Digital and technological development, as a crucial way to boost economic growth and life quality, gained a central role in public strategies at every governance level.This “digital revolution” can though raise several problems regarding the role of law: it’s difficult to keep technological progress and cultural/social planning together due to the huge speed of changes, and unprecedented challenges are posed both by new rights and new sources of law to harmonise with traditional categories.The raised importance of new communication and information methods like digital platforms, moreover, can conflict with some of the «Constitutional State» pillars such as democratic debate and transparency, being those tools strongly based on non-neutral processes or obscure policies and rules.This framework shows how sovereignty has today gained a technical nature, posing difficult challenges in order to boost technological opportunities preventing, at the same time, the advent of new inequalities.
The Italian Council of State has recently defined the Italian scenario in the framework of the global clash between Facebook and the Antitrust Authorities.
According to the judges, “the rules on the protection of privacy and the Consumer Code have different and not conflicting operational areas” and, therefore, the penalty system provided by the two regulations is not overlapping, but must, rather, be considered integrated.
However, the basic question remains: do personal data fall within the sphere of the fundamental rights of the human being or can we consider them as commodities and, therefore, fully subject to commercial exchange?
On this point, we are waiting for the intervention of the Court of Justice of the European Union, to which the Oberlandesgericht of Düsseldorf referred a similar issue, originating from a parallel legal battle between Facebook and the German Antitrust Authority.
While the Italian case was ending, the European one began.
The debate regarding the 5G development, implementation and disruptiveness is gathering growing attention. This new mobile infrastructure will provide the basis for digitization in many areas of our lives, hence influencing a broad spectrum of sectors.Whether it is home education, working remotely, online health care or streaming content, Europe needs expansive high-quality connectivity to ensure social equity and a non-distortive innovation platform for carbon-neutral growth. On March 2021 the European Commission presented the Digital Compass for the transformation of Europe by 2030. The EU's ambition is to be digitally sovereign in an open and interconnected world, and to pursue digital policies that empower people and businesses to seize a human centred, sustainable and more prosperous digital future. The challenge ahead of the Union is now how to transform the ambitious climate-digital agenda into efficient legal and economic instruments ‘in a fair way, leaving no one behind’.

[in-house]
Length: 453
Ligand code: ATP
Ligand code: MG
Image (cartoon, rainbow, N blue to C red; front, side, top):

Nearly 66% of the world’s population is projected to be urban by 2050; this means that the urban context will become more and more relevant for the decisions to be taken concerning economic and demographic growth, the protection of the environment and the very survival of the world.The urban context will also become the place in which the majority of the people will live their lives and try to satisfy their needs.
The term “smart cities” refers to a new model of imagining and planning the cities of the future based on the idea of the spreading of digital technologies among people and on the integration of different urban policies (such as transport policies or waste management) in order to better guarantee access to public facilities and to increase the sustainability of the urban life.It’s a new paradigm which, in order to be effective, requires the definition of innovative governance frameworks through the improvement of the interaction between public decision-makers and people.